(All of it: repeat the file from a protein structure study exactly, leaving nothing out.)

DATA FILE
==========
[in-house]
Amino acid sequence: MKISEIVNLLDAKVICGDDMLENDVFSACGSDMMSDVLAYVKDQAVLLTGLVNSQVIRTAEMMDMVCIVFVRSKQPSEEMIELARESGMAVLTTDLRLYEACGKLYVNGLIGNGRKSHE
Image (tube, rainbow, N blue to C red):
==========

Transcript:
[in-house]
Amino acid sequence: MKISEIVNLLDAKVICGDDMLENDVFSACGSDMMSDVLAYVKDQAVLLTGLVNSQVIRTAEMMDMVCIVFVRSKQPSEEMIELARESGMAVLTTDLRLYEACGKLYVNGLIGNGRKSHE
Image (tube, rainbow, N blue to C red):